Summary: The opening scene of the book is tragic for we find three graves in Moab. Let’s notice the story behind these 3 graves.

Edward Boone said, "The book of Ruth is the history of a Jewish family, who, like the prodigal of Luke fifteen, went into the far country of Moab and there "began to be in want."

W.G. Heslop writes, “The book of Ruth consists of less than 100 verses, and yet it would be impossible to exhaust it during the lifetime of a minister preaching from it every Sunday…It is a garden enclosed, a mine filled with the rarest and richest gems and rubies, a treasury of illuminating truths."

Ruth is one of two books in the Bible that is named after a woman. There is Esther, a Jew that married a Gentile husband, and Ruth, a Gentile that married a Hebrew husband.

The key word and thought in the book is that of a “kinsman” (2:20). As we go through the book we will see this love story of redemption unfold and be reminded that Jesus is our Kinsman Redeemer.

The setting of this book is in the days when the Judges ruled. You only have to look back to the last verse of the book of Judges to see what kind of day it was. Because everyone did what was right in his or her own eyes, sin was rampant, and God’s people had hardened hearts.

We can all relate to the story of Ruth, because Ruth is the story of everyday people coping with the problems that life throws at them.

The opening scene of the book is tragic for we find three graves in Moab. Let’s notice the story behind these 3 graves.


There were six members in this family: Elimelech and Naomi, the husband and wife; Mahlon and Chilion, the two sons; and Orpah and Ruth, the two daughters-in-law.

A. The names of the family members

ELIMELECH means “My God is King.” Elimelech reminds us of a Christian that has served God and lived for God because God is King in their life. He is called an “Ephrathite” (Vs.2), which means “fruitful.” He reminds us of one who had lived a godly and fruitful life. We will also sadly see that he illustrates the Christian that is out of the will of God, living away from God and disobedient to God.

NAOMI means “pleasant.” She reminds us of the contentment and happiness one finds as they live for God and serve Him. But she like her husband will also remind us of how that joy and happiness is lost when one is out of fellowship with God.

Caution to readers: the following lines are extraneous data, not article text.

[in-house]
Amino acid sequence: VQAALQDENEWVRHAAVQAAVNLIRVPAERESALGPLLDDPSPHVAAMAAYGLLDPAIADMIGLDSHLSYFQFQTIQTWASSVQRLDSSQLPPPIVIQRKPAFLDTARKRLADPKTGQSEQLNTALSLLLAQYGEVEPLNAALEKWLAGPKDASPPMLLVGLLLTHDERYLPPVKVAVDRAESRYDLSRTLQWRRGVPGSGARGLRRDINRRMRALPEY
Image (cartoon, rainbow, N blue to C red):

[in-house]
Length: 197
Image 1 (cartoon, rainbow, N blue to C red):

MAHLON means "sickly." The offspring of Elimelech and Naomi were sickly. By suggestion, we note the spiritual decline of the parents is manifested in the names of their children. Usually children reap a portion of what is sown by the father and mother. When there is a decline in spirituality at the head of the home, the effect is soon noticeable in the children.

CHILION name means "consumptive." He is possessed with a germ and a disease that will terminate in death. Again the spiritual departure of the parents is being manifested in the second child but in a worse form, showing their spiritual state is rapidly declining as years go on.

ORPAH means "a portion of the neck and back." When Naomi left Moab for the land of Bethlehem, she tried to induce her daughters-in-law, Orpah and Ruth, to return to the land of Moab, but they both declared, "We will return with thee unto thy people," (1:10). When she again tried to persuade them to return to Moab, "Orpah kissed her mother-in-law; but Ruth clave unto her,” (v. 14). The meaning of her name was fulfilled in her act when she turned her back on Bethlehem to worship idols in the land of Moab. How many have started like Orpah, but later turned back.

RUTH means "satisfied." She did not find her satisfaction in Moab, in Naomi, or in Bethlehem-Judah, but she found it in Boaz, whom she later married. As we shall see Boaz points to Him who is to be the descendant of David.

Many have tried to find satisfaction in different things, but the only lasting satisfaction that is to be found is found in JESUS CHRIST.

B. The need of the family members

There was a “famine in the land” (Vs.1). In Palestine, the country in which was Bethlehem-Judah, they did not have rivers as in Egypt upon which to rely for water for their crops. They had to depend entirely on Heaven’s mercy to send them rain, and if the Heavens were shut, and GOD failed to give them rain, nothing but shortage, suffering, and death lay before them.

A lack of rain would produce a famine, and a famine meant a lack would mean a lack of food. Elimelech and his family were facing desperate times. Elimelech finds himself struggling to feed his family.

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